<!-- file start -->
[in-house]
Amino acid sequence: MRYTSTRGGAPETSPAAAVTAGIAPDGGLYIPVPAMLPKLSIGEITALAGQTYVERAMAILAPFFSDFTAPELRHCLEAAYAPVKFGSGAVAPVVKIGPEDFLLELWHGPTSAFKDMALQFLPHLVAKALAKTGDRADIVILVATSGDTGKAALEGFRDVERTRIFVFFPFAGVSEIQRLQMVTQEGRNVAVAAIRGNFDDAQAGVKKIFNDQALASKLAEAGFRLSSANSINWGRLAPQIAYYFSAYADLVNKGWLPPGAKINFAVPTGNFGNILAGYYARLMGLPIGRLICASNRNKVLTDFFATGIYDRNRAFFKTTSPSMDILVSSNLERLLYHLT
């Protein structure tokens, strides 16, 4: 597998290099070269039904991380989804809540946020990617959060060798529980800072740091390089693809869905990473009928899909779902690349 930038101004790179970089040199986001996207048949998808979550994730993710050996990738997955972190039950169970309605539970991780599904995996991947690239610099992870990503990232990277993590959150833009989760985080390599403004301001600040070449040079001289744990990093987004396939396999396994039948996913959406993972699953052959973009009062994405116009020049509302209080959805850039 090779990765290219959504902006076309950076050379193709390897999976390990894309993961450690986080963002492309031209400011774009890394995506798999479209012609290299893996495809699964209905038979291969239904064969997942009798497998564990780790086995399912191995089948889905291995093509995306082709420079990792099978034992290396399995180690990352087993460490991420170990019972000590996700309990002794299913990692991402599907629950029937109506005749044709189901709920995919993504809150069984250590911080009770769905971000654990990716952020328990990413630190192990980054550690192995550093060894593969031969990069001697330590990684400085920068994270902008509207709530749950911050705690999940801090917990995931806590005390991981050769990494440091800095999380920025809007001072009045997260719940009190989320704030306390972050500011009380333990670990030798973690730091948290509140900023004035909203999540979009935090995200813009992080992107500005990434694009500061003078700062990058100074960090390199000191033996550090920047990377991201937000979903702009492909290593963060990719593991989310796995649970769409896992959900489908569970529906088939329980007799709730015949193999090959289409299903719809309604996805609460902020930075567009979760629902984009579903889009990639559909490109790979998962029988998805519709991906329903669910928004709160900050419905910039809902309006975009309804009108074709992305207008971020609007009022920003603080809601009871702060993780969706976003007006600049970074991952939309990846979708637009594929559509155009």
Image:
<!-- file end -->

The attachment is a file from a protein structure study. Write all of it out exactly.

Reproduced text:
[in-house]
Amino acid sequence: MRYTSTRGGAPETSPAAAVTAGIAPDGGLYIPVPAMLPKLSIGEITALAGQTYVERAMAILAPFFSDFTAPELRHCLEAAYAPVKFGSGAVAPVVKIGPEDFLLELWHGPTSAFKDMALQFLPHLVAKALAKTGDRADIVILVATSGDTGKAALEGFRDVERTRIFVFFPFAGVSEIQRLQMVTQEGRNVAVAAIRGNFDDAQAGVKKIFNDQALASKLAEAGFRLSSANSINWGRLAPQIAYYFSAYADLVNKGWLPPGAKINFAVPTGNFGNILAGYYARLMGLPIGRLICASNRNKVLTDFFATGIYDRNRAFFKTTSPSMDILVSSNLERLLYHLT
């Protein structure tokens, strides 16, 4: 597998290099070269039904991380989804809540946020990617959060060798529980800072740091390089693809869905990473009928899909779902690349 930038101004790179970089040199986001996207048949998808979550994730993710050996990738997955972190039950169970309605539970991780599904995996991947690239610099992870990503990232990277993590959150833009989760985080390599403004301001600040070449040079001289744990990093987004396939396999396994039948996913959406993972699953052959973009009062994405116009020049509302209080959805850039 090779990765290219959504902006076309950076050379193709390897999976390990894309993961450690986080963002492309031209400011774009890394995506798999479209012609290299893996495809699964209905038979291969239904064969997942009798497998564990780790086995399912191995089948889905291995093509995306082709420079990792099978034992290396399995180690990352087993460490991420170990019972000590996700309990002794299913990692991402599907629950029937109506005749044709189901709920995919993504809150069984250590911080009770769905971000654990990716952020328990990413630190192990980054550690192995550093060894593969031969990069001697330590990684400085920068994270902008509207709530749950911050705690999940801090917990995931806590005390991981050769990494440091800095999380920025809007001072009045997260719940009190989320704030306390972050500011009380333990670990030798973690730091948290509140900023004035909203999540979009935090995200813009992080992107500005990434694009500061003078700062990058100074960090390199000191033996550090920047990377991201937000979903702009492909290593963060990719593991989310796995649970769409896992959900489908569970529906088939329980007799709730015949193999090959289409299903719809309604996805609460902020930075567009979760629902984009579903889009990639559909490109790979998962029988998805519709991906329903669910928004709160900050419905910039809902309006975009309804009108074709992305207008971020609007009022920003603080809601009871702060993780969706976003007006600049970074991952939309990846979708637009594929559509155009």
Image: